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(Chris Walter/WireImag/Getty Pictures)

Paul McCartney’s “Too Many Folks” & John Lennon’s “How Do You Sleep?”

On his second post-Beatles album, Ram, McCartney takes a swipe at Lennon, alluding to him busting up the band. “You took your fortunate break and broke it in two,” he sings. That very same yr, 1971, John shot again with “How Do You Sleep?” on his Think about album. Referencing the previous “Paul Is Lifeless” rumors, Lennon seethes “these freaks was proper once they mentioned you was useless.”

John Lennon’s “Lady” & “Lovely Boy”

On his ultimate album, 1980’s Double Fantasy with Yoko Ono, Lennon includes a swoon for his spouse, and for all ladies, in “Lady,” calling them “the opposite half of the sky,” a reference to a Chinese language proverb. “Lovely Boy” was written for Lennon’s solely youngster with Ono, Sean Ono Lennon.

Keystone/Getty Images
(Keystone/Getty Pictures)

Paul Simon’s “50 Methods to Depart Your Lover”

Following his divorce from his first spouse, Peggy Harper, within the mid-’70s, Rhymin’ Simon particulars alternative ways to ditch a relationship. In 1976, it turned Simon’s sole No. 1 solo hit, after years of chart-topping success within the duo Simon & Garfunkel.

GAB Archive/Redferns/Getty Images
(GAB Archive/Redferns/Getty Pictures)

Dolly Parton’s “I Will All the time Love You”

Many assume that one in all Dolly Parton’s best-known songs, initially written and recorded in 1973, refers to a romantic goodbye. In actual fact, it was an expert one. Her farewell was to the nation star Porter Wagoner, who had given Dolly her break with a daily gig on his common TV present. When she left him and his program to fly solo, she provided this expression of loyalty, thanks and remorse.

Ron Howard/Redferns/Getty Images
(Ron Howard/Redferns/Getty Pictures)

The Rolling Stones’ “Brown Sugar”

A extremely objectifying—and a few would say racist—salivation over the sexual powers of black ladies, this rocking 1971 hit from the album Sticky Fingers has drawn a lot criticism over time. The lyrics have been written by Mick Jagger in erotic honor of his secret girlfriend on the time, the mannequin Marsha Hunt, however might also be about backing singer Claudia Lennear. Hunt was additionally the mom of his first youngster, Karis, who wasn’t acknowledged again then. Later, Jagger mentioned that if he had it to do over, he would have chosen his phrases for the tune with a bit extra finesse.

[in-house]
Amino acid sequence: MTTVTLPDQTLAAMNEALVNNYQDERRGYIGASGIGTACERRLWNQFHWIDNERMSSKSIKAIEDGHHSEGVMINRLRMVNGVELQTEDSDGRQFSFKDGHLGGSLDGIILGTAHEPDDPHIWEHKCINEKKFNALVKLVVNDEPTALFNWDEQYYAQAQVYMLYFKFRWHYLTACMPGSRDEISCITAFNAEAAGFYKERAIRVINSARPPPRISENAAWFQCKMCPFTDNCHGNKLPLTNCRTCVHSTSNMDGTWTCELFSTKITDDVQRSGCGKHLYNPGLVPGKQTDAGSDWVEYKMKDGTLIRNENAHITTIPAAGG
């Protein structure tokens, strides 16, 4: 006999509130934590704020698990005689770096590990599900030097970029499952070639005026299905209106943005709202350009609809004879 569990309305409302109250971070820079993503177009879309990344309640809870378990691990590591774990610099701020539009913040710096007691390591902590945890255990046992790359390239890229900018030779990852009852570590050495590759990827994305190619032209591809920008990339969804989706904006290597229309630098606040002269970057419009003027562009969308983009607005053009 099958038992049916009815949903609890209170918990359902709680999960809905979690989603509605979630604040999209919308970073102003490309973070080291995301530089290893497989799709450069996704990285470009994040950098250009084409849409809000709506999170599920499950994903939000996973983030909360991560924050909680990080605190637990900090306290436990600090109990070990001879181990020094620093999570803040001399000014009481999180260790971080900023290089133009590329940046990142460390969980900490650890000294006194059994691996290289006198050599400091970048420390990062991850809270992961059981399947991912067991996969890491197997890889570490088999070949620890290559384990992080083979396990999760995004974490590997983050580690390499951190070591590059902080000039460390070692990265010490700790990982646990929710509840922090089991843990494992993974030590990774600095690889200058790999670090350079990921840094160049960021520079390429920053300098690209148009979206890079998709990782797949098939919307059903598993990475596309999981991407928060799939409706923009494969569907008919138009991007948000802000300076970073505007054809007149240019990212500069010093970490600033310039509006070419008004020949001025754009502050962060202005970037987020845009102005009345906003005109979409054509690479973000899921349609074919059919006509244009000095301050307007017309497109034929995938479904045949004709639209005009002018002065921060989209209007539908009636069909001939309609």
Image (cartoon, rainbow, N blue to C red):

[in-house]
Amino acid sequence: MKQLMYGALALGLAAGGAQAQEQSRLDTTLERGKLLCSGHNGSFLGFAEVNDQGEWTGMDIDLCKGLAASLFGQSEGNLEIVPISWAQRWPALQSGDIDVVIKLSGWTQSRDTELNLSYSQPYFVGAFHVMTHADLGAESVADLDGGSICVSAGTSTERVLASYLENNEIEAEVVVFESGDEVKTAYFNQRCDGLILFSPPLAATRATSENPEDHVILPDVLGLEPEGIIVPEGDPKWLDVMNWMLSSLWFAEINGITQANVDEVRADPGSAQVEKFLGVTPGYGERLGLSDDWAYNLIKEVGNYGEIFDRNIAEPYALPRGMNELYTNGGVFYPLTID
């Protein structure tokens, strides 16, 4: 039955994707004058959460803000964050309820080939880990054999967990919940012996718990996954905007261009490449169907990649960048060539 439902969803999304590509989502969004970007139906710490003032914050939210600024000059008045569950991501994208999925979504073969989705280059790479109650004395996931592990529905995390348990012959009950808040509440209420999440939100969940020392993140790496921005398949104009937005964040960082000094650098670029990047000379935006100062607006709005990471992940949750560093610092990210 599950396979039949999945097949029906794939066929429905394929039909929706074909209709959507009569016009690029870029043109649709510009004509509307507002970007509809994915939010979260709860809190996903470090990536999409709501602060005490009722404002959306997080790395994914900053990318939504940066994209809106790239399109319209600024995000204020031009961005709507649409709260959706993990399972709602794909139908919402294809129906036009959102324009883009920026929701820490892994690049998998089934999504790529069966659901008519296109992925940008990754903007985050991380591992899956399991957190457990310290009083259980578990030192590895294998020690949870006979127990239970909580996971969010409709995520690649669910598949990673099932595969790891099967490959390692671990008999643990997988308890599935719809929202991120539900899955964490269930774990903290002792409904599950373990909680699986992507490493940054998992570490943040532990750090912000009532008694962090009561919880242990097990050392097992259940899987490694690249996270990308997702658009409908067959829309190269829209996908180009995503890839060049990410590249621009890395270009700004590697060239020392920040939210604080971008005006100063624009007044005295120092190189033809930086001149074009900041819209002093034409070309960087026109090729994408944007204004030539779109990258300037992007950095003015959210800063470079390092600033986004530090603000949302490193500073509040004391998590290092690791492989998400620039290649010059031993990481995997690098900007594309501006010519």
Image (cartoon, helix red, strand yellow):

Paul Morigi/WireImage/Getty Images
(Paul Morigi/WireImage/Getty Pictures)

Girl Gaga’s “Joanne”

In December 1974, Gaga’s aunt, Joanne Stefani Germanotta, died of lupus at age 19. And although the singer by no means met her, the loss significantly affected her household, in addition to Gaga’s work as an artist. Her debut album, The Fame, includes a poem written by Joanne within the album booklet. The singer has a tattoo of the date of her aunt’s loss of life on her left bicep. In 2012, her dad and mom named their New York restaurant after Joanne. 4 years later, Gaga wrote this tune and used it because the title monitor of her fifth solo album.

Theo Wargo/WireImage for Clear Channel Radio New York
(Theo Wargo/WireImage for Clear Channel Radio New York)

Taylor Swift’s “Expensive John”

Man, how a lot did Taylor Swift hate John Mayer when she wrote this 2010 tune about him? In a single verse, she refers to “all the women that you just’ve run dry/have drained, lifeless eyes/’trigger you burned them out.” Mayer retaliated by telling Rolling Stone, “It actually humiliated me at a time after I’d already been dressed down. I imply, how would you’re feeling if, on the lowest you’ve ever been, somebody kicked you even decrease?”

John Rodgers/Redferns/Getty Images
(John Rodgers/Redferns/Getty Pictures)

Eric Clapton’s “Tears in Heaven,” “Fantastic Tonight” & “Layla”

After the horrific loss of life of his 4-year-old son in an accident, Clapton wrote one in all his most rewarded songs, “Tears in Heaven.” (It took 4 high Grammys in 1992.) In a much more optimistic second, he honored the great thing about his then-lover, the mannequin Pattie Boyd, with the 1977 tune “Fantastic Tonight.” Remarkably, an irritation had impressed it: She was taking perpetually to resolve on her outfit earlier than going out for the night, leaving Clapton sufficient time to write down a tune—one which expressed his emotions that, no matter she picked out, she’d look “great tonight.” Seven years earlier, Clapton had penned an much more well-known piece for Pattie. On the time, in 1970, she was married to one in all his closest mates, George Harrison. Clapton’s wild want for his good friend’s spouse birthed one of many best pining songs (and best guitar solos) of all time, “Layla.” (Clearly, Boyd had one thing particular, as a result of two years earlier, Harrison had written one other basic tune, “One thing,” for her, which turned one of the vital recorded love songs ever.)

GAB Archive/Redferns/Getty Images / Michael Ochs Archives/Getty Images
(GAB Archive/Redferns/Getty Pictures / Michael Ochs Archives/Getty Pictures)

Neil Sedaka’s “Oh! Carol”